• Amanda Mooij

November & Diabetes

Welcome November 2019. I cannot believe that it has come to this, 2 more months until we see the year 2020. Personally, remembering that I was in high school in 1999, I watched my parents start to get really nervous to see the year 2000. I remember they went out and got a kerosene heater, just in case. We did not know if the thermostats, the computers, well a lot of things would be able to compute 2000. Here we are 20 years later; it is so incredible to think that a lot of people thought we would not see this year. 20 years in the New millennium. This truly, is not what this post is about.

Did you know that November is considered national diabetes month? I found that out myself this year. I know pretty late in the game right?! So I decided that I would dedicate my time and posting to different aspects of this incredible disease, or journey, it really depends on your view of it. There is so much that we know, and we do not know of this disease. I live and went to school named after the discoverer of insulin. He saved so many young lives. Sir Fredrick Banting, you guessed it I went to Banting Memorial Highschool in Alliston ON. So I did a bit of research…

How many Canadians live with diabetes? (Prevalence)

According to the most recent data (Box 1), about 3.0 million Canadians (8.1%) were living with diagnosed diabetes in 2013–2014, representing 1 in 300 children and youth (1–19 years), and 1 in 10 adults (20 years and older). The prevalence of diagnosed diabetes generally increases with age and is higher among males (8.7%) than among females (7.6%), both overall and in most age groups

https://www.canada.ca/en/public-health/services/publications/diseases-conditions/diabetes-canada-highlights-chronic-disease-surveillance-system.html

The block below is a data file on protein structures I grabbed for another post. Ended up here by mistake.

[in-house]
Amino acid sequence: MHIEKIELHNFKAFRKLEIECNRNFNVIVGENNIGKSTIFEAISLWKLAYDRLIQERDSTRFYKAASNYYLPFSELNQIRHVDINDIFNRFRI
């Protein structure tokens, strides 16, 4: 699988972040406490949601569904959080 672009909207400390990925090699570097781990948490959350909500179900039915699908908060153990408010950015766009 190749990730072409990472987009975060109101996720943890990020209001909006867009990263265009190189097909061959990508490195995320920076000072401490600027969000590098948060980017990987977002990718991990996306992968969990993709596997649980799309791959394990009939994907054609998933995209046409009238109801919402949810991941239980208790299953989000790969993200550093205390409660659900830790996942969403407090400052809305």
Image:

It has been estimated that 90% of diabetes cases among Canadian adults are type 2, 9% type 1, and less than 1% of a different type,Footnote2 while the large majority of diabetes cases among children and youth are type 1.Footnote1 Moreover, gestational diabetes is reported in about 5.5% of births.Footnote3

So what does this mean? Well it means that we all will know friends, family and colleagues that struggles with Diabetes. For me I am getting closer to that magic 40 years old….and I enter a new risk zone. Diabetes though is a manageable and livable disease. So many people have lived long and healthy lives. Look at these individuals, you just might recognize a few.

Did you know they have diabetes? I did not. This month I am dedicating to diabetes, on this blog and the Little Piggies Footcare channels and social media. I think that it is important that we get the word out there. After all the more we know the less scary it seems, and the more liveable it becomes. For me…..right in my line, and that magical age 40….well it is getting closer, every year…Which means that I am looking at that A1c and or fasting glucose numbers! But to be honest I feel that knowledge is power, and I plan to be super powerful!

Before diabetes, there is a pre diabetic stage, this is a great stage, because if you know it is something that you are dealing with, you can change it. This is the fork in the road time, the choice on where your journeys trajectory starts, and or the turning point. It is at this stage that a significant change in diet and exercise can be the difference between developing diabetes type 2 or not. It is always good to know right? So as much as we ignore, put off and try to avoid the doctor, nows the time to get the information. As a previous YouTube video reminds us, we are in charge of our own health. It is our decisions and choices that will inevitably decide the course of our journey. Health is as individual as you are. You know you, your diabetes story is yours. Different health care professionals and testing is to come along side you in your journey and try to equip you with the tools you need to stay healthy.

Diabetes can be an overwhelming diagnosis, but so livable. Arm yourselves with knowledge, resources and support systems, you can rock it!

Here are some resources you might find helpful; I know I did

https://www.diabetes.ca/managing-my-diabetes/tools---resources?Categories=&ResourceToolType=&SearchText=&Page=1

https://diatribe.org/diabetes-blogs-and-forums

https://www.canadianjournalofdiabetes.com/article/S1499-2671(17)30848-1/fullte



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